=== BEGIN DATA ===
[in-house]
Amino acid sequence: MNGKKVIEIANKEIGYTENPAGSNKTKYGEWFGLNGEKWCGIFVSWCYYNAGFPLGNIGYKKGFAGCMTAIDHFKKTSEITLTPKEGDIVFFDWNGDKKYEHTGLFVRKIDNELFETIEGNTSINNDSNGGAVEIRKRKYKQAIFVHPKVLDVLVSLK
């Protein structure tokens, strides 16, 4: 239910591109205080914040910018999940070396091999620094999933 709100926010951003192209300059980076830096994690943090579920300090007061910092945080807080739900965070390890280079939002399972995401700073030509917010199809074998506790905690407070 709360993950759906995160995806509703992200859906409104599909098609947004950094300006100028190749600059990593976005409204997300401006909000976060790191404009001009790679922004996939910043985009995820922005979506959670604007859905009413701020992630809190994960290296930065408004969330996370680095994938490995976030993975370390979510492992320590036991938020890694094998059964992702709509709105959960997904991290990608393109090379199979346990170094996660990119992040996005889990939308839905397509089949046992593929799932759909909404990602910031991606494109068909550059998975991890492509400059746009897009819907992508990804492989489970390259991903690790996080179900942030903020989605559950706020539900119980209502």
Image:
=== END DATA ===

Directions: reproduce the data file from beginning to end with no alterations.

[in-house]
Amino acid sequence: MNGKKVIEIANKEIGYTENPAGSNKTKYGEWFGLNGEKWCGIFVSWCYYNAGFPLGNIGYKKGFAGCMTAIDHFKKTSEITLTPKEGDIVFFDWNGDKKYEHTGLFVRKIDNELFETIEGNTSINNDSNGGAVEIRKRKYKQAIFVHPKVLDVLVSLK
């Protein structure tokens, strides 16, 4: 239910591109205080914040910018999940070396091999620094999933 709100926010951003192209300059980076830096994690943090579920300090007061910092945080807080739900965070390890280079939002399972995401700073030509917010199809074998506790905690407070 709360993950759906995160995806509703992200859906409104599909098609947004950094300006100028190749600059990593976005409204997300401006909000976060790191404009001009790679922004996939910043985009995820922005979506959670604007859905009413701020992630809190994960290296930065408004969330996370680095994938490995976030993975370390979510492992320590036991938020890694094998059964992702709509709105959960997904991290990608393109090379199979346990170094996660990119992040996005889990939308839905397509089949046992593929799932759909909404990602910031991606494109068909550059998975991890492509400059746009897009819907992508990804492989489970390259991903690790996080179900942030903020989605559950706020539900119980209502």
Image: